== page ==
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3,3-Diphenylpropylamido-indocyanine sulfonamide.


Rajopadhye M.


Molecular Imaging and Contrast Agent Database (MICAD) [Internet]. Bethesda (MD): National Center for Biotechnology Information (US); 2004-2013.
2006 Dec 13 [updated 2007 Jan 26].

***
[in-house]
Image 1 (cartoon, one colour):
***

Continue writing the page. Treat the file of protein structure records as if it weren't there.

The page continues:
Near infrared fluorophores (NIRF), described for in vivo fluorescence imaging of disease (1, 2) have been generally classified into nonspecific enhancers (e.g. ICG (3)), molecularly targeted fluorochromes (e.g. RGD-Cy (4, 5) or enzyme activatable agents (e.g. cathepsin sensitive NIRF probes) (6). These agents have shown great potential for invivo imaging of specific molecular targets, biological processes and cells (7). Specific fluorophores have been used to image angiogenesis, apoptosis, protease activity, receptor status, macrophage activity and to track cells (2, 8). Most of the affinity agents developed to date have molecular weights in excess of several thousand to millions (6, 9-11) to carry affinity ligands and/or to allow efficient quenching/de-quenching in large molecular weight constructs. Small molecule fluorophores with affinity to albumin could potentially exhibit an increase in fluorescence upon binding; thus a family of “activatable” fluorophores could be developed that consequently would provide enhanced or superior in vivo target-to-background ratios in live animals. As proof-of-principal, VM315, an NIRF containing a 3,3-diphenylpropyl moiety that provides a structural feature capable of non-covalent albumin binding was developed and tested. Those studies showed that VM315 exhibited a remarkable increase in fluorescence upon albumin binding (12). Such a molecule might be used to improve the detection of small cancers in vivo. Given the established role of fluorescent albumins in studying microvascular permeability in disease processes, VM315 may potentially represent a viable option for obtaining similar measurements clinically.

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